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Several of my friends are in the throes of sending their son or daughter away to college (and some are sending grandchildren). In emails, on FB, and in person they are expressing their angst and emotion. This brings back memories of sending my first child to college 600 miles from home. My husband and I were pleased and proud of the young man he had become, the choices he was making. But we asked ourselves, “How did we get to this point so soon?” “How will we adjust to the lack of his presence in our home daily?” (I remember the first time we drove the 600 miles to visit our son in college. I told my husband, “I can’t wait to see David.” He answered me, “Yes, and hear him and feel him.”)

To help me deal with the emotions of this “letting go” of my firstborn to be part of a college community and pursue his education, I did what I did the day I sent him to kindergarten.

Again this time I wrote a poem (if you want to call it that):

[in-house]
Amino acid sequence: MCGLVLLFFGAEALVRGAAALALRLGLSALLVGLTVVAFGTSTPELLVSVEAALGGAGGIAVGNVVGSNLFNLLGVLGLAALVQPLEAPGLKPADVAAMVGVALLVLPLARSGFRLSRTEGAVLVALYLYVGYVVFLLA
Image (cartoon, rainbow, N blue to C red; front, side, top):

Big college dormitory

Do you understand the story

Of our son who’s gone to stay

Down your hall so far away?


Will you give him tender care,

Help him when life deals unfair?

Do you know his special needs?

Will you see that he succeeds?


Keep him of his manners mindful?

Foster choices that are rightful?

Listen late into the night,

Till his headlights come in sight?


You may have a useful function

At this restless child-man junction.

Our advice has had its say;

Now he has to find his way.


He can call for sympathy;

Bring home friends and laundry.

You’ll be there to watch the flight test

Of this fledgling from the home nest.


We’ll pay and pray and intercede

Until he’s properly degreed;

We’ll watch as God unfolds his plan

For  our  big  college  man.

C. Lawton

Our son has now earned three degrees, traveled the world, married, and is fathering three children himself. We’ve had more opportunities to “let go,” but what a joy to watch God’s plan unfold.

~ Catherine Lawton